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110 people once sentenced to life in prison as juveniles convene for 'freedom party'

MARY LOUISE KELLY, HOST:

Ten years ago, the Supreme Court ruled that sentencing juveniles to mandatory life without parole is unconstitutional. Since then, more than 900 people who thought they would die in prison have been released through courts, clemency or parole. NPR's justice correspondent Carrie Johnson met a few of them in Washington this month.

CARRIE JOHNSON, BYLINE: They came to the nation's capital for what they called a freedom party. One-hundred-ten people once sentenced to life without the possibility of parole meant to share their stories. Christi Cheramie entered prison in Louisiana two weeks after her 16th birthday. It took her 25 years to win release. She remembers the day she finally ran into the arms of her mother in February 2019.

CHRISTI CHERAMIE: As funny as this may sound, we were never able to run in the institution. And so I had my family prepared for when I walked outside of the gate that we would run through the parking lot and make a left, because I just had to get that burst of energy out, you know, with that excitement.

JOHNSON: Since then, Cheramie's worked to help other incarcerated people transition home. That's what Don Jones does, too. Jones spent 26 years in prison in Pennsylvania before his release three years ago. At this conference in Washington, he's happy to be around other people who understand what he's feeling.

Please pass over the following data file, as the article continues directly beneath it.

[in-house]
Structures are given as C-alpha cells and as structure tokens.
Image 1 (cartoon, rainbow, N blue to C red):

DON JONES: It's rare to get an opportunity to be in a room with people who have similar experiences. You know, in talking to a lot of guys and the women, it's like, I'm not strange.

JOHNSON: Behind bars, Jones helped start a program called Real Street Talk that won national recognition from the Trump administration.

JONES: I'm one of the only prisoners probably in the country who got a citation from Jeff Sessions' Justice Department, which to me was like, seriously?

JOHNSON: But Jones says he's not unusual.

JONES: It's men and women inside the institutions, man, that raised me, you know, that showed me how to do things properly. You know, I want people to know that it's safe to let lifers out. It's safe to let people out of prison.

JOHNSON: Jones says the recidivism rate for juveniles who were sentenced to life in prison and ultimately released is very low. But he says he knows the political rhetoric on crime is heating up as shootings and murders plague many cities. The former lifers say that debate misses a key point - that people convicted of crimes as children and adolescents when their brains are still developing have the capacity to change.

Jody Kent Lavy co-directs the Campaign for the Fair Sentencing of Youth, which organized the conference. She says there's been significant change in the past decade.

JODY KENT LAVY: In 2012, there were five states that banned life without parole for children. Today, it's 25 states and another six that have nobody serving the sentence. So it's been a very rapid rate of change.

JOHNSON: Still, she says, there's a lot of work for advocates to do. A campaign is underway in Michigan to abolish life without parole for juveniles in all cases. Legislation with that goal in mind is pending in several other states. Her group is also pressing Congress to pass a bipartisan bill that would guarantee judicial review for juveniles who have served 20 years behind bars.

Carrie Johnson, NPR News, Washington. Transcript provided by NPR, Copyright NPR.

Carrie Johnson is a justice correspondent for the Washington Desk.